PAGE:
By Muna Ndulo (Professor of Law, Cornell University Law School)
Recently the speaker of the Zambian Parliament revoked the recognition of the leader of the Movement for Multi Party Democracy’s (MMD) as head of the Opposition in Parliament.
This was a revocation of a decision the Speaker had made on October 19, 2011 in which he had recognized the MMD as the official opposition.
Following MMD’s loss of three members of Parliament through by elections, the speaker stated that none of the opposition parties had the required 53 members to satisfy the quorum as provided for under Article 84 (4) of the Zambian constitution.
(The current National Assembly is comprised of: 65-PF; MMD-51, UPNDP-30, ADP-1; FDD-1 and independents-2. I argue here that the Speakers ruling is conceptually wrong in its treatment of the subject matter at hand.
This commentary seeks to show three things:
(a) that Article 84 (4) of the constitution does not, and cannot, be read to deal with the determination of whether or not there should be a leader of the opposition in Parliament or who that leader should be;
(b) In a Presidential system such as ours having a quorum in Parliament is not a condition for forming a Government; and,
(c) according to United Kingdom Parliamentary practice (which we purport to follow) in the absence of disagreement among opposition parties as to the identity of the leader of the opposition, the determination of who is to be a leader of the opposition in Parliament is not a matter to be determined by the Speaker.
In the absence of disagreement, the answer is that whoever leads the largest opposition party in Parliament is the leader of the opposition. That in our view is not a legal issue but a factual one to be determined by simple mathematics.
This commentary examines the history of having a leader of the opposition in British parliamentary practice and the reasons for recognizing a leader for the opposition.
We begin by looking at Article 84 (4) of the Zambian Constitution. The article is appropriately titled “Voting and Quorum.” In Article 84 (1) it provides that except as otherwise provided in this Constitution all questions at any sitting of the National Assembly shall be determined by a majority of votes of the members present and voting other than the Speaker or the person acting as Speaker as the case may be. (2) The Speaker or person acting as such shall not vote in the first instance, but shall have and exercise a casting vote if there is an equality of votes.” It then provides in Article 84 (4) “the quorum for a meeting of the National Assembly shall be one third of the total number of members of the Assembly and, if at any time during a meeting of the Assembly objection is taken by any member present that there is no quorum, it shall be the duty of the speaker or person acting as such, either to adjourn the Assembly or, as he may think fit, to suspend the meeting until there is a quorum.” A quorum as defined by the Oxford English dictionary is: “ a minimum number of members of an organization that are required to be present in order to conduct business.” The Article deals with the numbers of members of Parliament required to quorate the National Assembly.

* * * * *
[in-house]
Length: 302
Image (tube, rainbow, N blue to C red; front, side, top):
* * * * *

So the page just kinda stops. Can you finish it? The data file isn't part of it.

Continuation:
It nowhere mentions the question of the Leader of the Opposition in Parliament nor is there any basis for saying that it implicitly deals with that question. The inescapable conclusion is that it is not a matter that was considered. I therefore find no authority for the proposition that in order for a leader of the opposition to be recognized, his or her party must form a quorum in Parliament.
It appears that it was argued that since a party that does not have a quorum in Parliament cannot form a government, it therefore cannot be the official opposition. Although that might be true in a Parliamentary system (even there it is doubtful), it is certainly not true of a presidential system such as ours. In a Presidential system, the executive branch is led by a President who serves as head of Government. Elections are held at scheduled times and cannot be triggered by a vote of no- confidence in Parliament or other such Parliamentary procedures.
In a presidential system, the central principle is that the legislature and executive branches of government should be separate. This leads to the separate election of the president, who is elected to office for a fixed term, and only removable by impeachment or dismissal for gross misdemeanor. He or she does not need to choose cabinet ministers commanding the support of the National Assembly. By contrast, in a parliamentary system, the executive branch is led by a council of ministers headed by a Prime Minister, who is directly accountable to the legislature.
The Prime Minister is the leader of the party that wins the majority votes to the legislature (either defacto, or some cases through an election held by the legislature.)
Arguably, our system is a mixture of the two systems. Nevertheless, under the Zambian constitution even though Ministers are appointed from parliament they need not come from the ruling party. In fact as Mutharika of Malawi showed in his first term of office, a President in our system could rule with his Party as a minority in parliament. Even in a parliamentary system a government may be a coalition of parties in parliament as is the case in the current UK government.
In the United Kingdom the leader of the opposition is the politician who leads the official opposition. He is normally the leader of the largest party not within Government which is the second largest political party in the House of Commons. For there to be a recognized leader of the opposition historically, it was necessary that there be a a sufficiently cohesive opposition to warrant a formal leader.